Women’s empowerment, team building, access to healthcare and higher school enrolment – just some of the many side effects of Communities for Development’s projects, as discovered by Natalia Cabeza Escudier when conducting a 6 week evaluation assessment in Bulambuli Valley this summer. Here are her stark reflections from her time spent with the community:
In Bulambuli Valley, where the NGO Communities for Development works, life goes by without electricity or running water. The members of this community spend their days digging from sunrise to sunset, and going back and forth between the borehole and their houses carrying water jerrycans through maize fields and banana, gnuts and beans plantations. The houses and the churches are made of adobe. The ‘roads’ are red soil paths to be shared with chickens, goats and pigs.
Here, women have never worn trousers, yet they work as hard as men while bringing up six or seven children at the same time. Most of them deliver their children in their own compounds helped by their mothers, husbands, or even neighbours if necessary, as the hospitals are too far and too expensive. They continue to work through their contractions and some are unable to rest even after delivering.
These were some of the realities I faced when visiting the Bulambuli community this summer to conduct a socio-economic impact assessment of the projects Communities for Development supports, aiming to tackle some of the challenges of daily life in rural Uganda.
“Saving groups may not sound revolutionary – but if you ask any of the members of these groups, as I did, they will say it changed their lives.”
Communities for Development’s core project begins with forming saving groups of 25 – 30 people. The saving group members meet weekly so they can collect their savings together in a secure safe and then lend and loan money from one another if they so wish. These then accrue an interest paid when the loans are returned and the members are able to save money for the future in a safe and secure environment.
Over a 6 week period I had the chance to conduct one to one interviews with members of the saving groups, groups that are running Income Generating Activities (IGAs) and key members of the community as the basis for my evaluation. Working closely with the Communities for Development local staff, I also held focus groups, providing cross-cutting information I will be using to develop a quantitative and qualitative assessment of the impact of the current projects.
I’m still crunching the data and working to produce my report – but the words of the community members remain fresh in my mind:
“Before I joined the group I asked my husband for everything: salt, sugar, soap…Now I can buy it myself,” Isaya Mutonyi, Saving Group 4.
“Now we know how to behave as a group: we decide together, we listen to each other, we respect the rest…I feel much safer because if I have a problem I can ask my group for help,” Florence Wandukhwa, Saving Group 1.
“With the loan I asked for I bought a piece of land that now helps me to survive,” Galenaa Mukhwana, Saving Group 4.
“Now I share the housework with my wife because when we took the training I understood how important is to take care of each other,” Peter Tsesooli, Saving Group 2.
“Government schools in Uganda are very crowded – the classes hold 100 students each. Thanks to the loans now I have my children in a private school,” Leah Wanyenya, Saving Group 2.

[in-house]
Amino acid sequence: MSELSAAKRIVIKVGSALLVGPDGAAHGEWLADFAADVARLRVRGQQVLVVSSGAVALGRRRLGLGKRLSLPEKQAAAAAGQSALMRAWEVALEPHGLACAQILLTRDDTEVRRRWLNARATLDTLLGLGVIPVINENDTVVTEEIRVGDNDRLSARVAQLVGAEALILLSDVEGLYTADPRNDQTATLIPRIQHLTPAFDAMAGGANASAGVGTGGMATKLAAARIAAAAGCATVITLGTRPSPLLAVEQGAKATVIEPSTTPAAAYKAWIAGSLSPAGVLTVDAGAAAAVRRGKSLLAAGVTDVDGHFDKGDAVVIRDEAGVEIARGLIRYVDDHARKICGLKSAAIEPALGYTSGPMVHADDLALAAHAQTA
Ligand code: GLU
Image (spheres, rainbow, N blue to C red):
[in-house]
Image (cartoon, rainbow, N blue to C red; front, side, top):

“Now I make more decisions than before joining the group. I have my own shop in the market,” Irene Katami, Saving Group 2.
“Before joining the group my family and I were very poor. The option of asking for a loan, even if it is a small quantity, assures my family’s survival when times are tough,” Goefrey Shiwoyo, Saving Group 8.
“If saving groups – and the training they provide – remain in the community, soon the women will be the ones that manage the families’ economical resources and make most of the decisions at home. They are getting so many skills and knowledge,” George Mushikoma, Saving Group 8.
“With the money we set aside for the social funds we can hire an engineer to repair the borehole in case we need it. In this way, the saving groups benefit the community as a whole,” Joy Khakasa, Saving Group 8.
“Before joining the group I was drunk the whole day and I didn’t know anything about saving. Now I even explain its benefits to the rest of the community, especially the young people,” Fred Musamali, Saving Group 1.
Ultimately, the saving groups supply the services this rural community simply cannot get access to. Belonging to these groups allow elderly people to hire workers to work their land in a country where retirement pensions are just a dream. Thanks to the options for loans they can afford private schools to avoid inefficient public ones. Members through time can overcome poverty and afford vital healthcare or medicines. The cooperative responds to the individual problems of each member as well as improves the development of the community. Saving groups provide a simple, accessible alternative to banking and moneylenders and result in raising self-confidence and skills, empowering people as well as increasing their feelings of unity and welfare.
By Sandra Díaz, Communities for Development Co-Founder and Natalia Cabeza Escudier, MSc International Development student. Natalia conducted a 6 week socio-economic impact assessment in Bulambuli Valley as part of her master’s dissertation in July 2016. The results and findings of her report will provide invaluable data to to help us grow and refine our saving group model to have the best possible outcomes for the Bulambuli Community. Find out more about our saving groups and other projects here and #BackOurValley today!
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